Six layers of blockchain technology
Blockchains are currently very complex requiring years to develop. To simplify and better understand them, it helps to break down the different parts making up a blockchain into technology layers. The layers making up blockchain technology include, the:
The application layer focuses on developing blockchain solutions for use across different applications and industries.
The modeling layer facilitates smart contracts. This layer is responsible for establishing workflows and defining how the user will interact with the system.
Whereas the modeling layer has to do with workflows, the contract layer has to do with the contract itself. Since there are financial repercussions to a poorly defined or executed contract layer, great care must be utilized to ensure that the contract is issued correctly and free of potential weaknesses. The software also needs to be verifiable, secure and reliable., the contract must be executed correctly and be free of potential weaknesses. The software needs to be verifiable, secure, and reliable.
The system layer consists of core components that are needed to maintain the blockchain itself. This includes such systems as the consensus protocol and associated subsystems.
The data layer is the management of information stored both on the blockchain (on-chain) and within the database (off-chain) itself.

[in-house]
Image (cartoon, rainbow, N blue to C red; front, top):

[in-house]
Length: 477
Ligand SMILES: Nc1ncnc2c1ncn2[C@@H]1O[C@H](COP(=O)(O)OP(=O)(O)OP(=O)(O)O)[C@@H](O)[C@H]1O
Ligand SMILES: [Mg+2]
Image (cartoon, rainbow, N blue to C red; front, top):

Blockchains operate over a network, a peer-to-peer network. Peers share information about the state of the network. Privacy and security is included in the network layer.
While the technologies underlying blockchains are not new, how they are integrated to create a potentially decentralized and trustless systems is. As a result, a great deal of research and experimentation is needed to fully understand the technology and its implications.
Hopefully, this serves as a way to start the process of organising the research and development that is needed to fully realize the potential of this revolutionary new technology.
Putting it all together
While some of the buzz surrounding cryptocurrencies has died down since early January when Bitcoin hit an all-time high, the excitement has in no means died down. On the contrary, it may be increasing slightly with the promise of security tokens.
According to experts, there are three properties of blockchain technologies, including:
Currently, three generations of blockchain technology has been defined which are defined herein.
Lastly, academics have identified six layers of technology making up blockchain, specifically the:
- Application layer
- Modeling layer
- Contract layer
- System layer
- Data layer
- Network layer
This information will hopefully be helpful in categorizing new developments of blockchain technologies as they emerge. Hopefully, we have identified the six layers of blockchain technology.